A soulful tour of Palestinian cooking today from the Ottolenghi restaurants’ executive chef and partner—120 recipes shaped by his personal story as well as the history of Palestine.
JAMES BEARD AWARD NOMINEE • IACP AWARD WINNER • LONGLISTED FOR THE ART OF EATING PRIZE • ONE OF THE BEST COOKBOOKS OF THE YEAR: Forbes, Bon Appétit, NPR, San Francisco Chronicle, Food Network, Food & Wine, The Guardian, National Geographic, Smithsonian Magazine, Publishers Weekly, Library Journal
“Truly, one of the best cookbooks of the year so far.”—Bon Appétit
The story of Palestine’s food is really the story of its people. When the events of 1948 forced residents from all regions of Palestine together into one compressed land, recipes that were once closely guarded family secrets were shared and passed between different groups in an effort to ensure that they were not lost forever.
In Falastin (pronounced “fa-la-steen”), Sami Tamimi retraces the lineage and evolution of his country’s cuisine, born of its agriculturally optimal geography, its distinct culinary traditions, and Palestinian cooks’ ingenuity and resourcefulness. Tamimi covers the territory between the Mediterranean Sea and the Jordan River—East Jerusalem and the West Bank, up north to the Galilee and the coastal cities of Haifa and Akka, inland to Nazareth, and then south to Hebron and the coastal Gaza Strip—recounting his upbringing with eleven siblings and his decision to leave home at seventeen to cook in West Jerusalem, where he met and first worked with Yotam Ottolenghi.
From refugee-camp cooks to the home kitchens of Gaza and the mill of a master tahini maker, Tamimi teases out the vestiges of an ancient culinary tradition as he records the derivations of a dynamic cuisine and people in more than 130 transporting photographs and 120 recipes, including:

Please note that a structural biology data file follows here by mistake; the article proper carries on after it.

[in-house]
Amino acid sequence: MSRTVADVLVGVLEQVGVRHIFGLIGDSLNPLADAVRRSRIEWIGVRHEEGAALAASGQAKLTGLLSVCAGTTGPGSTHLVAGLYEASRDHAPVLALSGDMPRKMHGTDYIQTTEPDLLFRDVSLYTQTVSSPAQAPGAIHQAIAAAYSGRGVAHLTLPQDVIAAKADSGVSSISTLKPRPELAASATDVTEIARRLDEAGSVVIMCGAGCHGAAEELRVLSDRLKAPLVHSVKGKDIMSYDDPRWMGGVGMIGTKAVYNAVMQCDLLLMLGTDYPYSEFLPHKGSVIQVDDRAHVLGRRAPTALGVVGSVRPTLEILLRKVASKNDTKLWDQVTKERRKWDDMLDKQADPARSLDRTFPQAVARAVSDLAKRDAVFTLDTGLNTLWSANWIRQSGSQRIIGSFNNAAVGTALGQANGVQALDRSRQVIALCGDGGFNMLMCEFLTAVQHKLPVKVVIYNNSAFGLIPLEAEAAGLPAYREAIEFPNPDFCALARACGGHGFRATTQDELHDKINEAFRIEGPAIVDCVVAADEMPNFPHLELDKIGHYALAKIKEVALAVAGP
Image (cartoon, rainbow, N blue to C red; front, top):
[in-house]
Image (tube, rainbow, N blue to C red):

• Hassan’s Easy Eggs with Za’atar and Lemon
• Fish Kofta with Yogurt, Sumac, and Chile
• Pulled-Lamb Schwarma Sandwich
• Labneh Cheesecake with Roasted Apricots, Honey, and Cardamom
Named after the Palestinian newspaper that brought together a diverse people, Falastin is a vision of a cuisine, a culture, and a way of life as experienced by one influential chef.
Ottolenghi alums Tamimi (coauthor, Jerusalem and Ottolenghi) and Wigley (coauthor, Ottolenghi Simple) set out on their own with this expert dive into the food of Palestine. The dishes overflow with bold flavors: hummus is layered with toasted pita, drizzled with parsley oil, and sprinkled with sumac in a chapter of hearty breakfast choices; preserved baby eggplants stuffed with walnuts and spicy peppers are ideal appetizers. Signatures such as "upside down" rice inverted so that the beans, squash, and lamb baked underneath rest on top when served are represented, and London-dwelling Tamimi also freely pairs nontraditional items like beets and sweet potatoes with pistachio and bulgur. Each recipe features tips for advance preparation (tahini and caramelized onions for a spicy baked cod dish can be made ahead) and suggested variations (for gluten-free chicken meatballs, replace bread crumbs with grated zucchini). The authors acknowledge that discussions about Palestine can be "political and difficult," and they successfully walk that tightrope with sidebars on Banksy's Walled Off Hotel in Bethlehem and figures such as Islam Abu Aouda, who offers cooking lessons in her refugee camp home. Like the best cookbooks, this one opens a window to expand both palates and minds.